Spotlight on Climate Change

This fall, the Colby Museum is featuring a slate of exhibitions and objects that examine the complex relationships between humans and the environment. To continue the conversations started in our galleries, The Lantern is soliciting submissions about art and climate change that expand on these shows and the larger themes they address. Interested in responding to a specific work or reflecting on the role of artists and art institutions in addressing the climate crisis? We are accepting written and multimedia submissions now. Please contact Anne Lunder Leland Curatorial Fellow Olivia Fountain with questions or proposals.

  • Going with the Flow: Reflections on Dams, the Wild, and Interrupted Rivers
    Going with the Flow: Reflections on Dams, the Wild, and Interrupted RiversInterrupted River: Penobscot by Maya Lin addresses our cultural perception of rivers as the embodiment of all that is free-flowing, wild, and unconfined. The work, composed of clear marbles glued directly to the gallery wall to depict moving water, includes blank, white gaps in the flow to indicate the presence ...
  • Murder, Chaos, and Fornication: Dystopian Environmental Futures in Alexis Rockman’s Paintings
    Murder, Chaos, and Fornication: Dystopian Environmental Futures in Alexis Rockman’s PaintingsThis essay is adapted from an assignment in the Colby College course Environmental Humanities: Stories of Crisis and Resilience, taught by Mellon Postdoctoral Fellow in Environmental Humanities Christopher Walker.  Alexis Rockman’s paintings Disney World I and East 82nd Street in the exhibition Occupy Colby: Artists Need to Create on the Same Scale That Society Has ...
  • View a digital version of Up in Smoke, a companion to River Works: Whistler and the Industrial Thames
    View a digital version of <em>Up in Smoke</em>, a companion to <em>River Works: Whistler and the Industrial Thames</em>Click below to view a digital version of Up in Smoke, a companion guide now available in River Works: Whistler and the Industrial Thames. Up in Smoke features an essay by Gail Carlson, assistant professor of environmental studies at Colby College, and introductory text by curators Shalini Le Gall and Justin McCann. 
  • Artistas americanos contra el cambio climático
    Artistas americanos contra el cambio climáticoClara Ortiz is an Argentinian artist who works with natural fibers. Her practice, which includes making her own dyes, references the life and memory of her people. She visited the Colby Museum in October 2019 and wrote this review for leedor.com, a Spanish-language arts and culture website. You can read the original ...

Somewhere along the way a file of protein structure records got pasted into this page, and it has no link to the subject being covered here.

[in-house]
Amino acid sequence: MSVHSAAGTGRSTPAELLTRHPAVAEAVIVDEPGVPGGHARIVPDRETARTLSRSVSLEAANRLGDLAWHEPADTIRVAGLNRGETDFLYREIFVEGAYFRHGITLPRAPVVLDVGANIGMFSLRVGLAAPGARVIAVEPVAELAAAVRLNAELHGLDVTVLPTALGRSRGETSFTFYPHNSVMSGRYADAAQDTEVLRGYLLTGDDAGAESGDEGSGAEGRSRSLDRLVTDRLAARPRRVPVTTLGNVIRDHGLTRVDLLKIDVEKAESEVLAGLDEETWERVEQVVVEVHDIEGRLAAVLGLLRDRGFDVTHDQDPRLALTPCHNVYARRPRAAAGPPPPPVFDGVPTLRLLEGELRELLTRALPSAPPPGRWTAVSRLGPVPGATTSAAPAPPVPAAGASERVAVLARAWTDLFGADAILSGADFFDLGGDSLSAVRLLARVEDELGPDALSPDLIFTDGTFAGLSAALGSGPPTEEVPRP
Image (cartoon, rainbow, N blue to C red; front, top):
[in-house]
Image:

• Nature and Culture in River Works: Whistler and the Industrial Thames
    Nature and Culture in <em>River Works: Whistler and the Industrial Thames</em>In these short essays, Tilly Peck ’22 and Mae Sefransky ’20 reflect on the nature vs. culture debate vis-a-vis River Works: Whistler and the Industrial Thames. Both pieces are adapted from an assignment in the Colby College course Environmental Humanities: Stories of Crisis and Resilience, taught by Mellon Postdoctoral Fellow in Environmental Humanities Christopher Walker.      Nature: ...
  • Photo Essay: Paddling the Messalonskee
    Photo Essay: Paddling the MessalonskeeOn September 15 and September 22, Colby College Director of Outdoor Education Ryan Linehan led two canoe trips on the Messalonskee River in conjunction with tours of the exhibition River Works: Whistler and the Industrial Thames. Joseph Bui ’22 photographed the trip, and Ryan offered the following thoughts on the ...
  • Lunder Institute Panel Discussion: What Role do Artists Have to Play in Addressing Climate Change?
    Lunder Institute Panel Discussion: What Role do Artists Have to Play in Addressing Climate Change?On Wednesday, September 18, Lunder Institute Fellow Phong Bui sat in conversation with artists Alexis Rockman and Allyson Viera and Colby professors Denise Bruesewitz and Keith Peterson to explore the idea that artists need to create at the same scale that society has the capacity to destroy. The panel discussion, organized ...
  • Brown Ash Endangerment and Indigenous Solutions
    Brown Ash Endangerment and Indigenous SolutionsBrown ash trees, also known as black ash, are critically endangered throughout the state of Maine. The emerald ash borer (EAB), a parasitic beetle that has already killed ash trees across the United States, was first detected in Maine last May—several years before it was anticipated. Faced with these ongoing ...